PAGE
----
What Is a Patent Disclosure?

A patent disclosure is a public claim of data about an invention. In general, it is any part of the patenting process in which data regarding an invention is disclosed. A good disclosure tells someone else how to create the product.

Why Is a Patent Disclosure Important?

The U.S. Constitution gives Congress the right to offer exclusive rights to people for their inventions for set periods of time. This is only if and when the inventor agrees to adequately disclose the invention in writing.

A formal patent disclosure is used by people who are involved in preparing a patent application, such as inventors and attorneys. It stipulates a set of claims regarding the invention, as well as other data that reveals the unique nature of the product. It should be expressed in writing with the United States Patent and Trademark Office (USPTO) as part of the patent application.

Formal patent disclosures done successfully with the USPTO can result in several advantages for the inventor:

  • Investments
  • Competitive advantage
  • Market share

What Is Included in a Patent Disclosure?

  • The Specification. A primary disclosure or "specification" is a main document in a patent application. It describes the ways in which the invention is innovative compared to similar inventions and explains the scope of monopoly the applicant believes he or she has to the invention. The specification describes the item and the way to make and to use it, in clear and exact terms. Someone in the field must be able to reasonably create it with these instructions. Further, the specification notes the patent application filing date on which inventor can the rely. It also offers evidence that the invention belongs to the person in question.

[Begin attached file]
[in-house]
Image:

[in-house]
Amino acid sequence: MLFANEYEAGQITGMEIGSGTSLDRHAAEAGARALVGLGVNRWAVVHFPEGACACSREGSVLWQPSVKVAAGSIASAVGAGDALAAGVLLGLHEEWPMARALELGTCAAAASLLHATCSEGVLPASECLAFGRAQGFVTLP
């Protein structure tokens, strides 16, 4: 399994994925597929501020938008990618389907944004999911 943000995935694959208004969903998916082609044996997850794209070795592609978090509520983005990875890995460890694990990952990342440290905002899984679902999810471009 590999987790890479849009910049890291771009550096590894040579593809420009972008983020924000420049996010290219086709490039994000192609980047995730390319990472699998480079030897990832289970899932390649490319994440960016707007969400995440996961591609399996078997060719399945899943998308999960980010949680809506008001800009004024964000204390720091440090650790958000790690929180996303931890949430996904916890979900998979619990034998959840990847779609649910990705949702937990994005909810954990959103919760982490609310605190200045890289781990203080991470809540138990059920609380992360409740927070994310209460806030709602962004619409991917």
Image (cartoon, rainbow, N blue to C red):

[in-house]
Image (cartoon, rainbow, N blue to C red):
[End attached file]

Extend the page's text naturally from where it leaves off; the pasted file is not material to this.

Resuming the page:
• The Enablement. This explains how to create the object and how someone in the field can do so. The instructions cannot be vague or unclear, but must be exact and detailed. When the patent expires, the enablement should still be usable. This section should include any figures or drawings, with explanations. Again, you will want to show how your invention is special. So, you might want to include many details and different variations of the invention. Later, many of these variations may be deleted from the document as unnecessary. This section may be numerous pages long.
  • Best Mode Requirement. The path revealed must be the best way of creating the item within the author's awareness at the time of filing. Therefore, it may include specific or unique techniques. There should be no concealment. A poor-quality disclosure can risk the appearance of concealment.
  • Claims. This area tells the reader the exclusive rights the patent offers to the inventor. This explains the item or part of the object that is special. Its newness underlies the claim to its ownership. This list should be in simple and direct sentences. Each sentence will describe something about the object that is new. This will then reveal the monopoly the inventor has. The minimum number of claims is one. A claim can also reference an earlier claim and take on its limitations. This is called a "dependent" claim, and is more limited in scope than the earlier one. Patents protect only what's claimed — not the entire description. Therefore, any information given but not part of the claim may not be protected. If it's not linked to a claim, don't include it. No claim means no protection.

The above elements can be formatted within a simple layout to include the following:

  • A title in 5 to 12 simple and basic words.
  • The field of the invention. Two sentences are recommended to classify the invention.